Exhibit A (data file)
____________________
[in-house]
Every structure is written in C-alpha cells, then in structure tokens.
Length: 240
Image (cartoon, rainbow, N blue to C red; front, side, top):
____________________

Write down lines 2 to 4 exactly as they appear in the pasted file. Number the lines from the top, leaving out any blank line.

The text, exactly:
Every structure is written in C-alpha cells, then in structure tokens.
Length: 240
Image (cartoon, rainbow, N blue to C red; front, side, top):